Ioanna Lordanou, "Venice's Secret Service: Organizing Intelligence in the Renaissance" (Oxford UP, 2019)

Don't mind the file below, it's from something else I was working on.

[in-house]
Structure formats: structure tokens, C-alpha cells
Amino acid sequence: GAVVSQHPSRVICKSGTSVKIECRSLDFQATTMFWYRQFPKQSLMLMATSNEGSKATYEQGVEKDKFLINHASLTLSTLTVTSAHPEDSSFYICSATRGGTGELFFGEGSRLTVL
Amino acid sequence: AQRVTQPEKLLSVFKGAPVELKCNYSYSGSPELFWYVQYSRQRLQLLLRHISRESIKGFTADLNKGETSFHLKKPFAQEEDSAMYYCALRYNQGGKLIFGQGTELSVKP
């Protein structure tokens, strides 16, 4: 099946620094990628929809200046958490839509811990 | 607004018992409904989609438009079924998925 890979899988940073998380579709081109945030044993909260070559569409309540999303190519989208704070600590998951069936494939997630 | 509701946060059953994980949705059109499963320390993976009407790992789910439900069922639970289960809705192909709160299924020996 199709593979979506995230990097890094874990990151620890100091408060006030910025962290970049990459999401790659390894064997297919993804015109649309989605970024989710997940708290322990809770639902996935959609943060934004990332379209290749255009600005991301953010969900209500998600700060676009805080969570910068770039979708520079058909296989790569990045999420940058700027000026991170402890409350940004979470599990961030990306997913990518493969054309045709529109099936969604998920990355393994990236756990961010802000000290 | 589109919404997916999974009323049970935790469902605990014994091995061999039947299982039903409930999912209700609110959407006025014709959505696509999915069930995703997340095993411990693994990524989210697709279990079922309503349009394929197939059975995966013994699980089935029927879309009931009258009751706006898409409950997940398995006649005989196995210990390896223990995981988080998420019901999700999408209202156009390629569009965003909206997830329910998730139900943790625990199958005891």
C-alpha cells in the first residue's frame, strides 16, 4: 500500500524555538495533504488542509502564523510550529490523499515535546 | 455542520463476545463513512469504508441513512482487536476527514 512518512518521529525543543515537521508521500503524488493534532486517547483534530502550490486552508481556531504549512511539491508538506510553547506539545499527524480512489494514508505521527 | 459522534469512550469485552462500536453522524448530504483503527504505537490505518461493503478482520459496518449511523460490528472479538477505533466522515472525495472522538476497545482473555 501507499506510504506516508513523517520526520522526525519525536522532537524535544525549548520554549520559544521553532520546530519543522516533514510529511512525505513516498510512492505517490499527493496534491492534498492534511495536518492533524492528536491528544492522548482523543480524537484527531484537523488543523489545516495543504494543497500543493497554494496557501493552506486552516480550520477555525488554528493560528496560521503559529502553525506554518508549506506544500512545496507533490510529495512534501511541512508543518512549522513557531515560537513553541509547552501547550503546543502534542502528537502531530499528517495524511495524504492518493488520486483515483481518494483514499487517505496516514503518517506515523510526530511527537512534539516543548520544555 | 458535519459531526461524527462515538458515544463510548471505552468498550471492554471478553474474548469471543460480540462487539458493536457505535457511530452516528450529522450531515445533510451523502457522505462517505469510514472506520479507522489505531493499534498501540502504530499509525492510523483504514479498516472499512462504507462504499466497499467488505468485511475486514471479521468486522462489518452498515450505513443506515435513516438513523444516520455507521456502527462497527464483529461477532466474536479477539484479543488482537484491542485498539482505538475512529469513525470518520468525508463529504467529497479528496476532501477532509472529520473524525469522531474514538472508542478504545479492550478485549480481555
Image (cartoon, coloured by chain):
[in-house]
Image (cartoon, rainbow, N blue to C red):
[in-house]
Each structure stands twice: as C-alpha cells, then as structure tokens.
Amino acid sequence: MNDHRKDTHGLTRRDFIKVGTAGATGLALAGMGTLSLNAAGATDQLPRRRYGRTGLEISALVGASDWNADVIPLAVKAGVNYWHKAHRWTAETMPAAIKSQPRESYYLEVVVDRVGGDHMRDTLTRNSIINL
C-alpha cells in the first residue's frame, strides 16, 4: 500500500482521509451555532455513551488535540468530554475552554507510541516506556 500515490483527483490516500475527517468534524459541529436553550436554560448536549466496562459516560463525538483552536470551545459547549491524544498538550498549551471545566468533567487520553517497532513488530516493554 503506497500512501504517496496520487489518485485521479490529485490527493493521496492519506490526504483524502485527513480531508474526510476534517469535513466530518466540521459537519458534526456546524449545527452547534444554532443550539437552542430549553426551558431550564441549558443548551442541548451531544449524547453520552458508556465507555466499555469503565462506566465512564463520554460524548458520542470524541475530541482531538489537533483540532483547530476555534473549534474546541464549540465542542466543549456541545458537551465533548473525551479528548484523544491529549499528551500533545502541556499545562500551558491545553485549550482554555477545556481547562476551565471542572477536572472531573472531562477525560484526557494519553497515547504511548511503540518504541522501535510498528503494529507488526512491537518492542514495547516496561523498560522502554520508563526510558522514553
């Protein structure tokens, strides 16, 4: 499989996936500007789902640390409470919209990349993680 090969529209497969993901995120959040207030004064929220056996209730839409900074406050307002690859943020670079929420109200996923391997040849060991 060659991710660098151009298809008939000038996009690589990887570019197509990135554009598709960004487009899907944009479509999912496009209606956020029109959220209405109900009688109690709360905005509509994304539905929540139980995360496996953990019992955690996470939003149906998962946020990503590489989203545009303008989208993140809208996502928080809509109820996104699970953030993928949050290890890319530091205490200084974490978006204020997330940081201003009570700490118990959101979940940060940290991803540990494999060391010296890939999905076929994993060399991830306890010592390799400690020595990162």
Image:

Today we are here with Dr. Ioanna Iordanou, a Senior Lecturer in Human Resource Management at Oxford Brookes University and an Honorary Researcher at the Centre for the Study of the Renaissance at Warwick University in Coventry, to talk about her recent book, Venice’s Secret Service: Organizing Intelligence in the Renaissance, out with Oxford University Press in 2019.Venice's Secret Service is the untold and arresting story of the world's earliest centrally-organized state intelligence service. Long before the inception of SIS and the CIA, in the period of the Renaissance, the Republic of Venice had masterminded a remarkable centrally-organized state intelligence organization that played a pivotal role in the defense of the Venetian empire. Housed in the imposing Doge's Palace and under the direction of the Council of Ten, the notorious governmental committee that acted as Venice's spy chiefs, this 'proto-modern' organization served prominent intelligence functions including operations (intelligence and covert action), analysis, cryptography and steganography, cryptanalysis, and even the development of lethal substances. Official informants and amateur spies were shipped across Europe, Anatolia, and Northern Africa, conducting Venice's stealthy intelligence operations. Revealing a plethora of secrets, their keepers, and their seekers, Venice's Secret Service explores the social and managerial processes that enabled their existence and that furnished the foundation for an extraordinary intelligence organization created by one of the early modern world's most cosmopolitan states.Jana Byars is the Academic Director of Netherlands: International Perspectives on Sexuality and Gender.